A piece on Times of India about Bangalore Literature Festival

Voices of reason

Maxin Mathew, TNN | Sep 28, 2014, 06.35AM IST


Four women with strong opinions – an Alternative Nobel-winning Pakistani human rights activist, the first woman chief justice of the Delhi High Court, a celebrity Indian author and columnist and a former rocket factory workerturned Chinese journalist – left the audience in raptures with witty anecdotes and sharp views on why it is difficult to separate politics from women’s lives at the Bangalore Literary Festival on Saturday.

"It was very difficult for me as Chief Justice to deal with men," 83-year-old Leila Seth said. "On my first day in the lunch room, I was told, `Now that you are here, when we have tea parties, you can look after it.’ I said, I certainly will not," Seth remarked indi gnantly to loud applause from the audience.

"When my colleagues used to introduce me, they would say, ‘Meet our new lady judge.’ I told them, why don’t you say, ‘meet our gentleman judge’ for the men? It’s ridiculous! They can see me. That’s why women can never stay out of the political. Because it is forced on you," Seth added.

Shobhaa De minced no words in expressing her concerns about the `emergencylike situation’ that women are facing now.

"Anything any woman does in public domain becomes political. Women’s lives, no matter how privileged it may seem from the outside, are difficult. We have choices either we pick playing victims and surrender to the system or we become ninjas. The minute you suppress women’s voices, the world will become a poorer place. It’s important that we are heard," she said.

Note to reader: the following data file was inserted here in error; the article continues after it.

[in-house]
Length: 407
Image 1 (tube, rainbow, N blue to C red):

Asma Jahangir, who won the Alternative Nobel three days ago, chose to skip the spotlight in her homeland and come to India instead to discuss women’s issues. "When I started working, there were only 2-3 women lawyers in Pakistan. When we were growing up, we were never asked about our goals. I had to fight to become a lawyer. I had to promise that I would never go to court, but then later I did. It’s like asking a singer never to sing in public," she reminisced.

Chinese writer Lijia Zhang too echoed De’s concerns. "I decided I will learn English and bring about a change for myself," she said.

Fittingly it was Seth who had the last word. "Being a wom an and a mother, you know how to deal with men," she said, "you make them feel that they are the most important and then do what you think is right."

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